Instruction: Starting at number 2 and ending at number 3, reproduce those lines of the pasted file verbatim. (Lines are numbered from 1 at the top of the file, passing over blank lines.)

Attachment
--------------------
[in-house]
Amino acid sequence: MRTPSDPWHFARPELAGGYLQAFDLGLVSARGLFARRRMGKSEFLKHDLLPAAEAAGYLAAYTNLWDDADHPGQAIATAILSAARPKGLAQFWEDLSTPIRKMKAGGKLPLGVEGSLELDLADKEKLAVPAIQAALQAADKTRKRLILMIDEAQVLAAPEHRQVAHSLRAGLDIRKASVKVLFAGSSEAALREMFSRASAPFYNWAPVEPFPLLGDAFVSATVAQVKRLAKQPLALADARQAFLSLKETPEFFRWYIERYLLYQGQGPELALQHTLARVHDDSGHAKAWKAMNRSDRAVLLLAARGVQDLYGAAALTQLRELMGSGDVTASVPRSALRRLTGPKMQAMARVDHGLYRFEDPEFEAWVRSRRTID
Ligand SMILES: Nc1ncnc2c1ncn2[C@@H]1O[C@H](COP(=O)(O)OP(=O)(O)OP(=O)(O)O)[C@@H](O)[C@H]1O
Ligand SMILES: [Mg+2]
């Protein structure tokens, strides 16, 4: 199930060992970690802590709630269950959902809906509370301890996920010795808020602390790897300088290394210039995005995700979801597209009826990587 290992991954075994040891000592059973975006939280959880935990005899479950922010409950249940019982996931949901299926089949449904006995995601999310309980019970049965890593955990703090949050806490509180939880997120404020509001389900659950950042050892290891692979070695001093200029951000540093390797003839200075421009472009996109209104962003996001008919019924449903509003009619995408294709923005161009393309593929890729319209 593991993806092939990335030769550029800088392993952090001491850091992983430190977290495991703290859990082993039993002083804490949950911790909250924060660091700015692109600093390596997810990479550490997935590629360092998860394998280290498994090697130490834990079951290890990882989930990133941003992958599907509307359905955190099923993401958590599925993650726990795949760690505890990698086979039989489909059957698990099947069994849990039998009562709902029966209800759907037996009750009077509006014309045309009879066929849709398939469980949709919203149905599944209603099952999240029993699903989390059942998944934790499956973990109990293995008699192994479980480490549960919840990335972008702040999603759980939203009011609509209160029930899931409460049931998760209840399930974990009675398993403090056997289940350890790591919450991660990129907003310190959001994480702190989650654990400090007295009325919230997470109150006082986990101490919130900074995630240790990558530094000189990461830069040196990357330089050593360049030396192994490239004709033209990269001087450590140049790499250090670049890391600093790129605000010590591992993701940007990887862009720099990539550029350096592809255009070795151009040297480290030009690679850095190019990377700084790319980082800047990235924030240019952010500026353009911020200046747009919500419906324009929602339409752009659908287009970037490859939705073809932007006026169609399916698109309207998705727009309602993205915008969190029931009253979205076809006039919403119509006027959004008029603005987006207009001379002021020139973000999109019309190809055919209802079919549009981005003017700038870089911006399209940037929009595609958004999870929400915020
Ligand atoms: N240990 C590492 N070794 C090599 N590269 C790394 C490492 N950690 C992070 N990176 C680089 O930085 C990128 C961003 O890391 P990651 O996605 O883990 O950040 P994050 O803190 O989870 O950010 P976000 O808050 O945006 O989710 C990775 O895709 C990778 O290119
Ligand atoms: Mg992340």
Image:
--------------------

Amino acid sequence: MRTPSDPWHFARPELAGGYLQAFDLGLVSARGLFARRRMGKSEFLKHDLLPAAEAAGYLAAYTNLWDDADHPGQAIATAILSAARPKGLAQFWEDLSTPIRKMKAGGKLPLGVEGSLELDLADKEKLAVPAIQAALQAADKTRKRLILMIDEAQVLAAPEHRQVAHSLRAGLDIRKASVKVLFAGSSEAALREMFSRASAPFYNWAPVEPFPLLGDAFVSATVAQVKRLAKQPLALADARQAFLSLKETPEFFRWYIERYLLYQGQGPELALQHTLARVHDDSGHAKAWKAMNRSDRAVLLLAARGVQDLYGAAALTQLRELMGSGDVTASVPRSALRRLTGPKMQAMARVDHGLYRFEDPEFEAWVRSRRTID
Ligand SMILES: Nc1ncnc2c1ncn2[C@@H]1O[C@H](COP(=O)(O)OP(=O)(O)OP(=O)(O)O)[C@@H](O)[C@H]1O